Jessamyn West, whose website proclaims that it "[puts] the rarin back in librarian," linked in her July 15, 2008 post to lawyer/law professor James Grimmelmann's talk on "The Google Dilemma." While fully footnoted, the talk is not a legal quagmire (which is even murkier than a doctoral dissertation swamp.) "The Google Dilemma" is a good introduction to Google-bombing and the mysterious workings of that search engine's ranking system, and the social/legal ramifications of both. There's a brief summary about the deletion of results based on a nation's laws -- China, Germany, and France being the example. The last two, like some other countries on the European continent, have anti-hate-crimes laws which require the deletion of any search results which link to hate-sites. In the case of Germany, the original laws (that may have been amended since first enacted) were mandated by the allies after World War II as an attempt (successful) to protect against the resurgence of the Nazi Party. I hadn't known that France had similar laws, and I don't know when they were enacted, but I wouldn't be surprised if at least some of the statutes had the same motivation as the German ones, although without a mandate from other countries.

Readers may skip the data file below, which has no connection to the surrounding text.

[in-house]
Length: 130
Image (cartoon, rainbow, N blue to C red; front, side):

China, one is tempted to say of course, requires the deletion of sites with certain political content. Grimmelmann has an interesting display of the results of searches for Tiananmen in Google Images and in the Chinese Google Images site. The results from the non-Chinese site include the by-now iconic image of the individual protestor facing down the tanks as well as other images from the protests, but the Chinese results do not.
Title of this post: just having fun with double letters.